Q: Will applying for Pandemic Unemployment Assistance (or regular unemployment benefits) negatively affect my credit score? Are there any other sneaky disadvantages? I’m worried taking unemployment compensation during COVID-19 will make it harder to apply for a home loan when this thing is over.
A: The short answer: Unemployment won’t affect your credit score. At least, not directly.
Unemployment Claims and Your Credit Score
The long answer: It’s generally more difficult to qualify for a home loan while you’re unemployed. However, that’s just because it’s hard to prove to your lender that you can make the monthly payments on your mortgage in the immediate future, not because admitting you’re unemployed somehow impacts your credit score health. Instead, credit bureaus calculate your score solely based on your credit history, debt, and your payment history.
That said, long-term unemployment can correlate with a deflated credit score. That’s because unemployment payments, including those from Pandemic Unemployment Assistance (PUA), usually amount to less than what you’d get from an employer (30% to 50% less, depending on your state laws). In most cases, even with government assistance, you’ll still be tight on cash, which can make it hard to file minimum payments for your credit card, student loan, or mortgage on time. That’s when your credit score would start to get affected, says Thomas Nitzsche, a personal finance expert and media manager at Money Management International.
If you’re interested in keeping a healthy credit score, it’s in your best interest to accept any income boost you can. Unemployment benefits can be a lifeline to regaining financial stability and avoiding missed or late payments, credit counselors say.
“My advice would be to not worry about collecting unemployment and instead focus on creating a priority budget to meet basic needs and contact all creditors to see what hardship plans are available,” advises Nitzsche.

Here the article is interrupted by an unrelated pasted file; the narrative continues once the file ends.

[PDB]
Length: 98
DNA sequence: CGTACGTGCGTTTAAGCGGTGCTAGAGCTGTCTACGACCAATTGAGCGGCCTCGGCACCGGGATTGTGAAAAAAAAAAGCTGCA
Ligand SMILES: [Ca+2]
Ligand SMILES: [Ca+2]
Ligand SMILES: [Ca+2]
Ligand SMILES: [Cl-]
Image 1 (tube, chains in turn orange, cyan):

Fortunately, the recent CARES Act provides credit protections for people who have to do just that. If you know you’re going to miss a mortgage, credit card, or other debt payment, call your servicer and let them know ASAP. During the “covered major disaster period,” creditors aren’t allowed to submit negative credit reports if they agree to let you defer payments due to a coronavirus-related reason. Instead, they have to report you as current on your payment as long as you stick to whatever deal you work out with them, says Amy Loftsgordon, a foreclosure and debt attorney and a legal editor at Nolo.
The covered disaster period is any time between January 31 and 120 days after the national emergency is declared over. Right now, credit counselors say most credit card companies are allowing one- to three-month deferments, no strings attached. Federally-backed mortgage loans get a bigger grace period—up to 180 days of forbearance with the possibility of an 180-day extension.
“But this prohibition on adverse reporting only applies if you weren’t already behind,” warns Loftsgarden. If you’ve already let some payments slide or are carrying a credit card balance, you can call your creditor to make an agreement, get caught up on payments, and then take advantage of the credit reporting protections in the CARES Act from then on. That will help limit the damage to your credit score.
As for the question about sneaky disadvantages to taking unemployment benefits? There really aren’t any, says Nitzsche.
“People shouldn’t feel punished or guilty for needing support for a loan payment, especially during a worldwide pandemic,” he says. Other benefits to applying now: Eligibility requirements are more lax, recipients are getting an extra $600 per week of assistance, and states are extending the period you can receive unemployment by 13 weeks.
Think of it like any other kind of insurance: Your employers—or, in the case of PUA, the federal government—put aside money just for you in case you lose your job. If you’re eligible, you’re legally entitled to the assistance, generally penalty-free.
Disclaimer: The opinions expressed by the interview subjects are not necessarily those of Earnest.